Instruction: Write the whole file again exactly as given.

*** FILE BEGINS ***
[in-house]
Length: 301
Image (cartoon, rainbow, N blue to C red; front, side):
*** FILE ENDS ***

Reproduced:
[in-house]
Length: 301
Image (cartoon, rainbow, N blue to C red; front, side):